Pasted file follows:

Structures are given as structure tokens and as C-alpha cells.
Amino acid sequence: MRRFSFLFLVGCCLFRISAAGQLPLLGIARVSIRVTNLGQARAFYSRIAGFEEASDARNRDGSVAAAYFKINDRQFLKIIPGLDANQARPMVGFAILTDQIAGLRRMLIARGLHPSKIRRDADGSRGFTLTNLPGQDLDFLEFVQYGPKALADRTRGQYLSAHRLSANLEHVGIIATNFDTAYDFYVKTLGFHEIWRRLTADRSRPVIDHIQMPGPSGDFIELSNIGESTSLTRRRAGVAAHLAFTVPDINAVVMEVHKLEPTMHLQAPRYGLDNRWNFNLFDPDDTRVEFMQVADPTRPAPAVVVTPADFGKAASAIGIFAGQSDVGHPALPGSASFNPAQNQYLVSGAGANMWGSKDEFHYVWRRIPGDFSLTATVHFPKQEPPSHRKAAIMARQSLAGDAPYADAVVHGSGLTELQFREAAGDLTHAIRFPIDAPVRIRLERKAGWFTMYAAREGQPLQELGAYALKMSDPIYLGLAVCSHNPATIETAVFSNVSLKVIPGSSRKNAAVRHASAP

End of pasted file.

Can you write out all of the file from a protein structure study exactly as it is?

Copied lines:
Structures are given as structure tokens and as C-alpha cells.
Amino acid sequence: MRRFSFLFLVGCCLFRISAAGQLPLLGIARVSIRVTNLGQARAFYSRIAGFEEASDARNRDGSVAAAYFKINDRQFLKIIPGLDANQARPMVGFAILTDQIAGLRRMLIARGLHPSKIRRDADGSRGFTLTNLPGQDLDFLEFVQYGPKALADRTRGQYLSAHRLSANLEHVGIIATNFDTAYDFYVKTLGFHEIWRRLTADRSRPVIDHIQMPGPSGDFIELSNIGESTSLTRRRAGVAAHLAFTVPDINAVVMEVHKLEPTMHLQAPRYGLDNRWNFNLFDPDDTRVEFMQVADPTRPAPAVVVTPADFGKAASAIGIFAGQSDVGHPALPGSASFNPAQNQYLVSGAGANMWGSKDEFHYVWRRIPGDFSLTATVHFPKQEPPSHRKAAIMARQSLAGDAPYADAVVHGSGLTELQFREAAGDLTHAIRFPIDAPVRIRLERKAGWFTMYAAREGQPLQELGAYALKMSDPIYLGLAVCSHNPATIETAVFSNVSLKVIPGSSRKNAAVRHASAP